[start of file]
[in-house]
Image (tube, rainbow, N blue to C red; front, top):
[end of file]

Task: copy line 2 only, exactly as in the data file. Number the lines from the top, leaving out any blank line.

Image (tube, rainbow, N blue to C red; front, top):